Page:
Five minutes of play and then to the bench. That’s pretty much NBA life for James White.
28-year-old rookie Chris Copeland is stuck in the opposite predicament: Mike Woodson parks him on the bench for every relevant minute, only to give him burn after the game is out of reach. (See: New York Knicks at Golden State Warriors, Mar. 11, 2013 for reference.)
White starts. Copeland sits. Supposedly, it’s for defensive reasons, but at this point a player who is capable of being a legitimate offensive contributor has to have more value to a Knicks team that is in dire need of scoring efficiency.
Last night was ugly – some might say uglier than Betty. The Knicks shot 27.4 percent from the field, 18.5 percent from the line and posted 63 points in Oakland. Only the basketball gods know if their 12-point second quarter or their nine-point fourth quarter was worse, but even on an off night for the team, Mike Woodson stayed in his usual rotation habits—James White got to spin for a confusing five minutes at the start and Chris Copeland entered once the outcome was already decided.
With Amar’e Stoudemire out for the remainder of the regular season, the Knicks need offense from the forward spot more than they have all season. Kenyon Martin was supposed to be an answer — if not the answer. He’s supposed to give the team grit, hustle, and toughness, and many believed that would be enough.
2005 Kenyon Martin would be great. Heck, even 2010 Kenyon Martin could be a valuable contributor. But go back and watch 2012 Kenyon Martin with the Clippers. It’s a different player. He’s not as quick. He doesn’t move nearly as well laterally as he once did. His shot altering ability is far from what it once was. If you love 20-foot jumpers with 12 seconds left on the shot clock, this is your guy. But otherwise, 2012 Kenyon Martin looks so far to be merely a shade of his former self.
Maybe Martin just had an off year after spending half of the lockout-shortened season in China. Maybe he just looked slower and less effective because his stalker had finally psyched him out. More realistically, maybe a 35 year old is just starting to play like a 35 year old.
Martin won’t replace Amar’e. He can’t replace him. When the Knicks lost their sixth man, it’s pretty apparent they didn’t lose much on the defensive end. It’s the offense they need to replace, and Copeland fits that mold a heck of a lot better than Martin or White.
Common knowledge says White starts because of defense. Copeland can put the ball in the hoop on one end of the floor, but he is a turnstile at the other. But there’s a problem with that logic: While White can play some defense, the lineup around him simply isn’t producing with him on the floor.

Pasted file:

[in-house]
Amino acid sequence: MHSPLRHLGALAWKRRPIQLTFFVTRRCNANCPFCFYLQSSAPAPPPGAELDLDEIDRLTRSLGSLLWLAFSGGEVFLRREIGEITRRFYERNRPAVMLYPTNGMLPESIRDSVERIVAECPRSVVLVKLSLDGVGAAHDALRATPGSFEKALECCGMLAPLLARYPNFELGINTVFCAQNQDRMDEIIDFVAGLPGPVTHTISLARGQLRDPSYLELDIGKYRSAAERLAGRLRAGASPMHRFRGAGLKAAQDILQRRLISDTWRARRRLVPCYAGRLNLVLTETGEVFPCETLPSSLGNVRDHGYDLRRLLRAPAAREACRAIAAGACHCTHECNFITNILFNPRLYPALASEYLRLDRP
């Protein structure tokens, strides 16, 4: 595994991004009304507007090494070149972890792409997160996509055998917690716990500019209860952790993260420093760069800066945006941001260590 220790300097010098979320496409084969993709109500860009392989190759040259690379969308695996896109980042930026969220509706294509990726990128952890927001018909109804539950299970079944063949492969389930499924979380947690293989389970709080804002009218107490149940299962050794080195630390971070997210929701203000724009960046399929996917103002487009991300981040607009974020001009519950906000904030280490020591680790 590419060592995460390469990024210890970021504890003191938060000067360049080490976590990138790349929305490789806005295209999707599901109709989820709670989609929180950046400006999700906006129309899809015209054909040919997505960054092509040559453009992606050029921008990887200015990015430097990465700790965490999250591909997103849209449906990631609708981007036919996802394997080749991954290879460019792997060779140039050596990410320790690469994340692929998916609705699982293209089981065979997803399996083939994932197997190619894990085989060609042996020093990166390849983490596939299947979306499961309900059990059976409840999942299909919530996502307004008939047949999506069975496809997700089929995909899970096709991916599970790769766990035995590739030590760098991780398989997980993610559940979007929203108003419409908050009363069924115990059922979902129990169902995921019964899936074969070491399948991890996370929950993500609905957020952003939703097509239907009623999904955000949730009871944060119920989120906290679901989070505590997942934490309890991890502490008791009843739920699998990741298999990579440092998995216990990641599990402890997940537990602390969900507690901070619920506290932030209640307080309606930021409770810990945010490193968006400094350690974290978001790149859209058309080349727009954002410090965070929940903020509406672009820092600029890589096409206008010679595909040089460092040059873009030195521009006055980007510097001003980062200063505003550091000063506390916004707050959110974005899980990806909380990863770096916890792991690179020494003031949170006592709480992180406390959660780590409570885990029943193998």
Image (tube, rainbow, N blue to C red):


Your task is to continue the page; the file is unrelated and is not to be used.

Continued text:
Opposing offenses have cleaned up when White has been out on the floor with the starters. The Knicks’ current starting lineup of Felton-Shumpert-White-Anthony-Chandler has posted a 123.1 defensive efficiency. Now, that’s in only six games so that number could change. In fact, it probably will change. A figure that poor is hard to sustain for a long stretch of time, if only because it’s cartoonishly bad. But for now, that 123.1 defensive efficiency is good enough to earn the title of the second-worst defensive five-man lineup that has played more than 25 minutes for the Knicks.
With White, we’re talking about a player that has had two game scores better than 5.0 all season. White is someone known for his dunking and explosiveness, yet he’s shooting only 55.6 percent at the rim (compared to a ridiculous 70.2 percent at the rim for Copeland).
It’s safe to say that Copeland settles nicely into the Knicks’ offensive mold; New York is a team that executes a 4-out, 1-in scheme well. That means maximizing more efficient shots like threes and layups and minimizing less efficient ones like 22-foot, fadeaway jumpers.
That’s Copeland’s game, isn’t it? 38 percent on threes, effective at the rim, relatively smart with his shot selection — that ought to fit in well with this Knicks’ starting lineup, but for some reason we haven’t seen it. Copeland has scored 44 points in his past 38 minutes played on 16-for-27 shooting, but those 38 minutes have come over a 16-game stretch, one in which he played in only four contests.
At this point, there is simply no reason not to give Copeland a chance. The White experiment doesn’t seem to be working – neither superficially nor analytically. If you’re Mike Woodson, isn’t now the best time for change? Amar’e is out. Kidd has fallen off from the start of the year. Your million-tattoo man is playing with pain because he’s incongruously afraid of needles. (EDITOR’S NOTE: He’s also scared of cats. Ironically, given the state of Melo’s knee, a common house cat could have guarded him last night.)
There has to be an opening in the rotation, and Copeland isn’t giving the Knicks much of a choice of who it should be.